How to Raise Happy Kids: 10 Steps Backed by Science

By
March 31st, 2014

Eric Barker-When you ask parents what they want for their kids, what’s usually the most common reply? They want their children to be happy.

the well-being of children is more important to adults than just about anything else–health care, the well-being of seniors, the cost of living, terrorism, and the war in Iraq. More than two-thirds of adults say they are “extremely concerned” about the well-being of children, and this concern cuts across gender, income, ethnicity, age, and political affiliation.

Now there’s tons of info on raising smart kidsand successful kids, but how do you raise happykids?

Sometimes it’s hard to balance what’s best for children with what makes them happy — but the two don’t have to be mutually exclusive.

Happier kids are more likely to turn into successful, accomplished adults.

…happiness is a tremendous advantage in a world that emphasizes performance. On average, happy people are more successful than unhappy people at both work and love. They get better performance reviews, have more prestigious jobs, and earn higher salaries. They are more likely to get married, and once married, they are more satisfied with their marriage.

So looking at the science, what really works when it comes to raising happy kids?

Step 1: Get Happy Yourself

The first step to happier kids is, ironically, a little bit selfish.

How happy you are affects how happy and successful your kids are — dramatically.

Extensive research has established a substantial link between mothers who feel depressed and “negative outcomes” in their children, such as acting out and other behavior problems. Parental depression actually seems to cause behavioral problems in kids; it also makes our parenting less effective.

And this is not merely due to genetics.

…although the study did find that happy parents are statistically more likely to have happy children, it couldn’t find any genetic component.

So what’s the first step to being a happier you? Take some time each week to have fun with friends.

Because laughter is contagious, hang out with friends or family members who are likely to be laughing themselves. Their laughter will get you laughing too, although it doesn’t even need to in order to lighten your mood. Neuroscientists believe that hearing another person laugh triggers mirror neurons in a region of the brain that makes listeners feel as though they are actually laughing themselves.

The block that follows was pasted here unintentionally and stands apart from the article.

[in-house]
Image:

Step 2: Teach Them To Build Relationships

Nobody denies learning about relationships is important — but how many parents actually spend the time to teach kids how to relate to others?

(Just saying “Hey, knock it off” when kids don’t get along really doesn’t go far in building essential people skills.)

It doesn’t take a lot. It can start with encouraging kids to perform small acts of kindness to build empathy.

This not only builds essential skills and makes your kids better people, research shows over the long haul it makes them happier.

Multiple sclerosis (MS) patients who were trained to provide compassionate, unconditional positive regard for other MS sufferers through monthly fifteen-minute telephone calls “showed pronounced improvement in self-confidence, self-esteem, depression, and role functioning” over two years. These helpers were especially protected against depression and anxiety.

Step 3: Expect Effort, Not Perfection

Note to perfectionist helicopter parents and Tiger Moms: cool it.

Relentlessly banging the achievement drum messes kids up.

Parents who overemphasize achievement are more likely to have kids with high levels of depression, anxiety, and substance abuse compared to other kids.

The research is very consistent: Praise effort, not natural ability.

The majority of the kids praised for their intelligence wanted the easier puzzle; they weren’t going to risk making a mistake and losing their status as “smart.” On the other hand, more than 90 percent of growth mind-set-encouraged kids chose a harder puzzle.